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Oil jump boosts US stocks to offset biotech; yen rally stalls

🕐 5 min read

(Bloomberg) — U.S. stocks rose, while oil climbed the most in two months, on the final day of a week in which global growth concerns resurfaced and currency volatility jumped.

The Standard & Poor’s 500 index ended higher after erasing almost all of an advance in afternoon trading as biotechnology companies and retailers weighed on the measure. Energy shares jumped as oil topped $39 a barrel ahead of a meeting between suppliers to discuss freezing production. The yen and gold were little changed as the demand for haven assets eased. Canada’s dollar surged after employers added more jobs in March than economists forecast.

Stocks swung between gains and losses this week as the yen surged to a 17-month high versus the dollar. While minutes from the Federal Reserve’s March meeting reaffirmed a gradual approach to raising interest rates, concern mounted over a slowing world economy. Investors are awaiting fresh cues with China due to publish a raft of economic indicators next week and Alcoa Inc. kicks off the U.S. earnings season with first-quarter results on April 11.

“It’s been up and down every day, but it no longer feels like the short squeeze panic buying we had at the end of the quarter,” Brian Frank, portfolio manager at Frank Capital Partners LLC, said by phone. “Commodities aren’t leading the band like they were at the beginning of the year, but they are definitely playing a role.”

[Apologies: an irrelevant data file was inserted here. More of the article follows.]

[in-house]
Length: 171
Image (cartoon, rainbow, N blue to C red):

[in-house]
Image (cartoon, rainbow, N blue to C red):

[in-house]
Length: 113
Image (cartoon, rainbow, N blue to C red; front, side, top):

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The S&P 500 rose 0.3 percent at 4 p.m. New York time, with the gauge little changed for the year. Lenders in the benchmark measure recovered after being the biggest drag yesterday amid concern lower-for-longer interest rates will crimp profits.

Biotechnology companies posted some of the biggest losses today, with Regeneron Pharmaceuticals Inc. and Endo International Plc declining. Gap Inc. shares tumbled as much as 15 percent after the struggling apparel chain posted disappointing sales and said that inventory is piling up.

The S&P 500 dropped 1.2 percent in the week ahead of what is forecast to be the worst earnings season since the financial crisis. Analysts estimate profits fell 9.5 percent in the first quarter.

Commodity producers and banks led the rebound in the Stoxx Europe 600 index, up 1.2 percent. Europe’s equities trimmed a fourth weekly drop, the longest losing streak since October 2014.

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West Texas Intermediate crude rallied 6.6 percent to $39.72 a barrel, the biggest jump since Feb. 12. Speculation has returned that Russia and OPEC members can reach a deal on freezing oil output when they meet in Doha on April 17. Saudi Arabia has said it will only agree if it’s joined by other suppliers including Iran, while Kuwait said a deal can be done without Iran’s support. An unexpected drop in U.S. crude inventories in data out this week also helped crude’s recovery.

Spot gold was little changed, as it posted a second week of gains. The precious metal posted its best quarterly gain in three decades through March as worries about global growth and market turmoil prompted the Fed to delay further rises in borrowing costs.